January 30, 2013 00:00 By Suplak Ganjanakhundee
The best place on earth to discuss the Rohingya issue is Myanmar - and it's timely to raise the issue with the authorities in Nay Pyi Taw now as they are in the process of seeking political reform for national reconciliation. And reform cannot take effec
Thailand alone, although receiving thousands of ethnic Rohingya annually, cannot solve the problem at the root without good cooperation in Myanmar. Arrest, detention, deportation – as Thailand is doing currently – will not help end the problem. Humanitarian assistance, if any, is just a temporary measure for survival but won’t help them to have sustainable better lives.
Trafficking syndicates might take some blame, but they indeed are just facilitators to help the migrants get out of their place of origin and reach new homes.
The Rohingya issue is not new. Thailand arrests thousands of them annually as illegal migrants. News reports on illegal migrant Rohingya appear in the media around this time every year. Sometimes such reports provoke attention from the authorities and international community, but they will never lead to a permanent resolution to end their problem.
The Rohingya are leaving where they come from because they cannot live comfortably due to several disturbing factors: historical, cultural, religious, economic and political. People in Myanmar, who call them ‘Bengali’, rather than Rohingya, are debating the origins of these people. Many in Myanmar’s Rakhine state, where the Rohingya mostly live, regard them as “foreign or alien” and feel very uncomfortable living with them. A series of major clashes between Rakhine and Rohingya people left a score of deaths last year. There are 135 registered ethnic groups in Myanmar but Rohingya are not included in the official list. The Myanmar elite used to recognise them as a part of the nation but there were several attempts during the dictatorial regime in the 1970s to delete them from the notion of state building and make them out as strangers. Some 200,000 Rohingya have taken refuge in Bangladesh since then.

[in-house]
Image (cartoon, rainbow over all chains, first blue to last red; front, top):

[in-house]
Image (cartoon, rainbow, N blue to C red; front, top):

They follow the Muslim faith, while the vast majority of the community is Buddhist. There is nothing wrong being Muslim in a predominantly Buddhist society, but that difference can stir up ethno-religious problems. Normal crime can easily develop into sectarian conflict, with two different religions never trusting each other, as happened in Rakhine State in June and October last year.
The clashes last year displaced at least 70,000 people who are currently living in 50 refugee camps scattered near Sittwe, Kyauktaw and Maungdaw townships in Rakhine State. The authorities are looking at places for permanent settlement for them, but such a plan raises concern among Rakhine people, as they fear they can’t live peacefully with the Rohingya. They demanded a public hearing before any decision to resettle the Rohingya in any part of Rakhine State.
Politically, the ethnic Rohingya formed many organisations struggling for some certain degree of self-rule since 1947. The Rohingya political movements are not so strong, but have some voice to show they exist. The most active one these days is Arakan Rohingya National Organisation – ARNO – which tries to unite all ethnic Rohingya in the struggle.
Myanmar officials regard Rohingya political organisations as terrorists and have no peace plan for this ethnic group, although many other armed ethnic groups have drawn up truces.
To solve the Rohingya issue, all con?cerned parties in Myanmar need to readjust their basic attitude toward them first. The government needs to consider them as national citizens and look into the real root cause of the conflict they have with other groups, and with the state of Myanmar. Otherwise they will not cease taking refuge in other countries.